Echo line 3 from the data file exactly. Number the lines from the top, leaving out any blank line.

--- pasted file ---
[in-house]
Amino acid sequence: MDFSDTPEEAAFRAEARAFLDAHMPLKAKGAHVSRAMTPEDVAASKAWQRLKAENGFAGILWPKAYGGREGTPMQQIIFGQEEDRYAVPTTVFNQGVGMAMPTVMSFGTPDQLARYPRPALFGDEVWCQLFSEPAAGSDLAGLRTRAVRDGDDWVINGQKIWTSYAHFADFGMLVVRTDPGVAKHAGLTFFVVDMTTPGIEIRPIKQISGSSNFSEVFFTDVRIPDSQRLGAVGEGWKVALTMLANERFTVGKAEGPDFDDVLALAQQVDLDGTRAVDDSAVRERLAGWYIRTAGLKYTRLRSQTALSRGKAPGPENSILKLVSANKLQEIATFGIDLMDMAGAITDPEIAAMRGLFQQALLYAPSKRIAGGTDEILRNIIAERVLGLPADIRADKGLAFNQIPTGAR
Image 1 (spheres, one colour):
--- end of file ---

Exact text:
Image 1 (spheres, one colour):